M&A activity in Serbia finally showed some positive trends in 2022, despite high inflation and supply chain challenges. During the first three quarters of 2022, the Serbian M&A market has performed well, given the current economic environment, and was primarily defined by deals in the energy and real estate sectors, the IT industry, and further consolidation of the banking sector.
Generally, once the first effects of the war in Ukraine were felt on the European markets, M&A activity levels in Serbia started to trend down but, as expected, with the approach of the year-end, buyers are looking to finalize their contemplated deals despite the weakened economic growth.
With respect to new M&A deals, the biggest obstacle seems to be the gap between the seller’s and buyer’s perspectives on the target’s value. While the sellers expect to receive a consideration based on the target’s value as of the end of 2021, the buyers seem to request a revaluation that would take into account the current circumstances. In my opinion, this may result in these transactions spilling over to 2023 when the status of the relevant markets is likely to be clearer. In such a case, a lower risk aversion of the buyers and higher deal activity could be expected.
How these predictions play out depends on the development of the geopolitical situation and its effects on the relevant markets, including the cost of capital. Also, as the Serbian M&A market largely depends on the transaction appetite of foreign investors, the economic climate in the countries of Western Europe (and the rest of the world) will most certainly have an indirect impact on the volume of Serbian M&A deals. Since the ECB raised interest rates for the first time since 2011 in July 2022 (rising the base rate by 0.5 percentage points), soaring interest rates and higher pressure of financing costs will result in cash-rich buyers playing an important role in the upcoming period.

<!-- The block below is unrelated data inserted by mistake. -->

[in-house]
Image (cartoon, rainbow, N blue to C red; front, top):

In the meantime, certain things have also changed for M&A practitioners. In the last couple of years, we have seen that certain unforeseeable events, which are beyond the control of the parties involved in an M&A transaction (such as the COVID-19 pandemic, the war in Ukraine, and their second-order effects on the markets), can lead to disputes or even exits from envisaged transactions.
For example, one of the largest M&A deals in the banking sector in the SEE region (the envisaged sale of Sberbank Banks in Serbia, Hungary, Bosnia & Herzegovina, Croatia, and Slovenia, signed in November 2021) was not completed due to the exclusion of Sberbank from the SWIFT messaging network, hindering its ability to conduct business.
As buyers seek to protect themselves from unforeseeable events as much as possible, the use of completion accounts, MAC clauses, and earn-out mechanisms has become a market standard in Serbian M&A deals. This trend continues through 2022 as well. Against this background, the locked box mechanism has become less popular in M&A deals which require a deferred closing, irrespective of the volume of the deal and the background of the involved parties.
By Sasa Stojanovic, Partner and Head of Corporate/M&A, Radovanovic Stojanovic & Partners